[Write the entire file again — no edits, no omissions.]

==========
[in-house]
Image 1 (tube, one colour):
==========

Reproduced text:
[in-house]
Image 1 (tube, one colour):